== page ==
How to do it
You need to develop a regular postorthodontic/permanent retention program in your office — no different from how you would develop a regular periodontal hygiene recall system. Because it has never been done before, I get blank stares when this subject comes up in the course of my travels. Where to begin? How do I charge for it? What to do?
There is much general dentist confusion regarding the actual economics of integrating this vital program into their service offerings.
Immediate priorities include the development of a proper screening process, a retention and relapse examination, treatment (when necessary), a regular recall process, informed consent (that indefinite retention is essential).
Step 1: Create a screening form
Questions to be addressed should include:
- Have you had orthodontic treatment?
- Do you wear a retainer(s)?
- Do you visit your orthodontist for retainer adjustment?
- Have you been made aware of the necessity of indefinite retention?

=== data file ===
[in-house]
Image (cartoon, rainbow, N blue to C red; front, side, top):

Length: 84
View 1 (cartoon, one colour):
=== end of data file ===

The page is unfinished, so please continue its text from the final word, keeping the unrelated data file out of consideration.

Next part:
Step 2: Perform an intraoral exam
Step 3: Chart the changes
After the exam and periodontal probings, impressions are in order — all in the interest of evaluating the changes in occlusion that have resulted over time.
Step 4: Treat the condition
Once the changes or potential changes are indicated, we need to get in there and prevent them from occurring or worsening — with a final retainer, active retainer, or bruxism splint.
Step 5: Decide on a fee
Consider retainer exam fee, adjustment fee, replacement fee, and limited retreatment fees.
When adding any new procedure to your practice, it is clear that you need to make enough money at it to make it worth your time. If you can't make the procedure profitable, you simply won't continue. Ask yourself what it costs you to run your office per hour and what do you want to earn per hour. Once you can answer these questions, you will be able to set your fees.
Step 6: The insurance game
You can find the insurance codes — the same ones that orthodontists use — for setting fees and receiving payment by going directly to the CDT Code Book. Either the periodic oral evaluation (D0120) or limited oral evaluation–problem focus (D0140) may prove appropriate for exam fee billing. Other appropriate codes would include orthodontic retention appliances (D8680), repair of orthodontic appliances (D8691), replacement of lost or broken retainers (D8692), and/or rebonding or recementing of fixed retainers (D8693).
When to do it